Thursday, 6 July 2017

Fear, that good hallucinogen
after your diagnosis we walk the shoreline in humid July

by Ellen LaFleche

The clouds are murky dark as Rorschach blots. 
I see something witchy in the ink,
swirl of robe, handle of broom.
A cauldron bulging with brews that could cure you.

You see a woman in the murk.
Hipped and droop-breasted,
damp hair drizzling down  her back.  

Thunder prowls in from the west,
a fanged animal growling for the kill.
The ocean is all foaming smoke and hissing cinders.
A mermaid leans over the prow of a wave,
ghost nets shawled around her shoulders.  

Lightning tasers the surf. The zap,
the crackling flash. 
The ocean splits in fiery half.

Gulls glow in the sky's X-ray chamber.
I see your irradiated face bones -
the animal trap of your jawline,
the twin knives of your cheeks.

You see my winged pelvis,
that good guardian angel.
You kneel on a carpet of kelp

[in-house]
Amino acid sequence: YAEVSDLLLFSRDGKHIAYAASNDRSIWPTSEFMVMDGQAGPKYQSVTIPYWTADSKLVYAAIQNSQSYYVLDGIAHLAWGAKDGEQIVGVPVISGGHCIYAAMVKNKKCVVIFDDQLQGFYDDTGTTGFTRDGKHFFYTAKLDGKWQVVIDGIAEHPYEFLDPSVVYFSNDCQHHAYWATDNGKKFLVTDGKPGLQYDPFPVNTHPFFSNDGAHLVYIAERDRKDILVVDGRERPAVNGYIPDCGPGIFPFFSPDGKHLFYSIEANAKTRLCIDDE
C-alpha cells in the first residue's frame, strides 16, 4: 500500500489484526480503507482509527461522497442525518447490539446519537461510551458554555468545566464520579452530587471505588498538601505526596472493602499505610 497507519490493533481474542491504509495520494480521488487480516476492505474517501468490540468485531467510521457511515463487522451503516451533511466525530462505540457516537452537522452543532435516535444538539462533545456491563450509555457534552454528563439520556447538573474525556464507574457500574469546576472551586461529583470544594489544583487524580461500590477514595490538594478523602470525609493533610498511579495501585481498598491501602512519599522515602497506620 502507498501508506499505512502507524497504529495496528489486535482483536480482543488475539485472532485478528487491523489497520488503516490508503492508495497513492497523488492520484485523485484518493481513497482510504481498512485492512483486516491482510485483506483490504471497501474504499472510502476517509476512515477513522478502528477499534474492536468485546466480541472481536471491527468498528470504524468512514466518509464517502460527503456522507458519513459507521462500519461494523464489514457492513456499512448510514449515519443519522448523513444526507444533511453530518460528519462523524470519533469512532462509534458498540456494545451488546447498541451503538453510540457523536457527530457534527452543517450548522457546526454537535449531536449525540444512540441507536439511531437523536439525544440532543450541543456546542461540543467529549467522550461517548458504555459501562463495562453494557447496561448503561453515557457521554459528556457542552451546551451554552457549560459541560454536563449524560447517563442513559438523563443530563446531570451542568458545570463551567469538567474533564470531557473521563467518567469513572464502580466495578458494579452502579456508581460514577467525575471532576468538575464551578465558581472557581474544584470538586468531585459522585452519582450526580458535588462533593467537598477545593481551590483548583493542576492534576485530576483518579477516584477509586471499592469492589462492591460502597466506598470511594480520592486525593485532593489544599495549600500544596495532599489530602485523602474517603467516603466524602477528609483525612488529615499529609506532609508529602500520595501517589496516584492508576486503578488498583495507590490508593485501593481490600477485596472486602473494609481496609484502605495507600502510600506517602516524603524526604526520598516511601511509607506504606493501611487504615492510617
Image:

and take her into your arms. 

* * * * *

Ellen LaFleche is the author of three chapbooks: Workers' Rites (Providence Athenaeum), Beatrice (Tiger's Eye Press) and Ovarian (Dallas Poets Community Press.)  She won the Tor House Poetry Prize, the New Millennium Poetry Prize, the Hunger Mountain Prize, and the Joe Gouveia Outermost Poetry Prize.  She is an assistant judge for the North Street Book Prize and a freelance editor.  She is currently finishing a manuscript tentatively titled Walking into Lightning with a Metal Urn in My Hands, a collection of poems following the death of her husband to ALS. "Fear, that good hallucinogen" is part of that work in progress.

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